Winona Ryder has been making a lot of headlines lately (and has been the subject of many tweets) because of her lead role in the Netflix original series “Stranger Things.” The show has basically gone viral–everyone is talking about it–and it’s been a sort of a reprisal for Ryder since her role in “Black Swan.”
Ryder, who was born as Winona Laura Horowitz and is Jewish, was recently interviewed in New York Magazine about her role as Joyce Byers, who is a mom of a young boy who goes missing in the hit show. Not a mother herself, a lot of people have asked Ryder how she “understands” what it’s like–to which she explained that her role as an aunt has helped:
“I’m getting asked a lot, ‘You don’t have kids, so how do you know how to act like a mother?’ I know nothing could compare, and I haven’t had that experience, but when my niece was born, I felt like I would jump in front of a car and die for this little person I didn’t even know yet.
I actually felt tremendous compassion for her. I feel like she was one of these people that had dreams [for her life]. But she had kids. And it made me think of all the women that I know who have kids, who when they talk about [anything negative about their lives as mothers], they always say, ‘But I love my kids, I wouldn’t trade them for the world.’ Like they feel guilty for even hinting that they’d want something outside of kids! It’s a weird thing.”
The 44-year-old also went on to say how she hates the fact that women are often regulated into defined roles that limit them–especially when it has to do with being overly emotional and anxious, often being shamed for these traits and subsequently labeled as “crazy.” She stated:
“I’m so sick of people shaming women for being sensitive or vulnerable. It’s so bizarre to me.
There’s a line in the show where someone says [of her Stranger Things character], ‘She’s had anxiety problems in the past.’ A lot of people have picked up on that, like, ‘Oh, you know, she’s crazy.’ And I’m like, ‘Okay, wait a second, she’s struggling.’ Two kids, deadbeat dad, working her ass off. Who wouldn’t be anxious?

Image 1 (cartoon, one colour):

Even that word, anxious. It’s a bad word. And so like all of these words — it’s kind of what I tried to do with Girl, Interrupted, and why I was so invested in that book and trying to get it made [as a movie]. My whole point was, this happens to every girl, almost.”
What I love most about Ryder’s interview is the fact that she’s comfortable owning her struggles with her anxiety, depression, and sensitivity in a way that makes it a strength, instead of letting other people shame her for it. In the past, the media has often portrayed her as being unstable, but really, being capable of speaking eloquently about the complexity of her struggles is refreshing.
Ryder explained that however difficult it has been for her to be honest about her depression, she also is glad for it:
“I don’t regret opening up about what I went through [with depression], because, it sounds really cliché, but I have had women come up to me and say, ‘It meant so much to me.’ It means so much when you realize that someone was having a really hard time and feeling shame and was trying to hide this whole thing …
And even the whole, like, sensitive, fragile thing. I do have those qualities, and I just don’t think there’s anything wrong with them. There were times when I let it feel too overwhelming and almost, like, shamed, but I had to just get over that.”
More people like Ryder should exist–because we need to normalize mental health issues, and instead of calling people “crazy,” just say we are all struggling in some way.